In Love and Freindship, Austen presents her audience- originally her family members- with seemingly conflicted definitions of sensibility. To be sensible, one must be intelligent, without flaunting their brilliance, aware of social cues, have manners, be composed, without being notably emotionally compromised in response to any given event, and demonstrate sympathy towards others despite justification otherwise. However, the nebulous definition of a trait that is markedly significant within every interaction Laura addresses throughout her letters seems to result in exactly the satire that Austen intended to endow this work with.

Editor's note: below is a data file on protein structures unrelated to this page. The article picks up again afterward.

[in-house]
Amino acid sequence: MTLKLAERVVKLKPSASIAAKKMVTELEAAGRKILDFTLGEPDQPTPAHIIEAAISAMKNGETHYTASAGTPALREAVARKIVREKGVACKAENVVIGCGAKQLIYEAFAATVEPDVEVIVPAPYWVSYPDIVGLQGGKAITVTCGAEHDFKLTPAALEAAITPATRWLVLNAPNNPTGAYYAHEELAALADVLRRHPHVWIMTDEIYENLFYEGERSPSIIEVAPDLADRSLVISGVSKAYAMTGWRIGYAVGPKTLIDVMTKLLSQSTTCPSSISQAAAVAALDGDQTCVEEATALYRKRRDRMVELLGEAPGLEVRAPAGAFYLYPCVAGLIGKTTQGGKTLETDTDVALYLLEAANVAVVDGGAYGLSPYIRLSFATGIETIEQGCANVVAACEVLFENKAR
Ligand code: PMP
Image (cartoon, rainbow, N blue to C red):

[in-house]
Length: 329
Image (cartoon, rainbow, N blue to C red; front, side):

The concept of sensibility exists as this insurmountable paradigm in Laura’s world, as no one person is fully capable of meeting the full list of requirements; rather, it is a guideline along which others may judge those they dislike. For example: Laura includes in her correspondence with Marianne, “I soon perceived that tho’ Lovely and Elegant in her Person and tho’ Easy and Polite in her Address, she was of that inferior order of Beings with regard to Delicate Feeling, tender Sentiments, and refined Sensibility, of which Augusta was one. She staid but half an hour and neither in the Course of her Visit, confided to me any of her secret thoughts, nor requested to confided in her, any of Mine.” (Letter 7th) Her language, in the beginning of the cited passage, is suggestive of a need, as reinforced by social mores, to assent to civility towards Augusta, though she has slighted her. Laura mentions Augusta’s positive qualities, but moves toward the contrary soon-after. While Laura claims that Augusta lacks sensibility, in all its forms, Augusta is ultimately honest regarding her feelings. The fact that she doesn’t ask Laura about her “secret thoughts” or share her own serves to demonstrate antipathy for Laura, as, through this, her intentions and thoughts are shrouded. Furthermore, Laura’s response, reducing Augusta’s sensibility, seems to suggest that withheld opinions are akin to dishonesty; though, Laura lamenting about this in a private letter to Marianne, while concealing her own side of the interaction with Augusta, is also fraudulent when held to the same standards. That, I posit, is the point behind Austen’s satire on the concept of sensibility: that it is indefinable because the deceptive actions one takes in order to be “sensible” are contradictory to what they expect of others’ “sensibility”. The novel does, after all, employ a play on the word “friendship” by spelling it similarly to “feind”, meaning enemy. This is made all the more evident by the subtitle “Deceived in freindship and betrayed in love,” illustrating further that deceit is intertwined with sensibility. Through endeavoring to be perceived as sensible, those that appear so, including oneself, are dishonest and, therefore, nonsensible.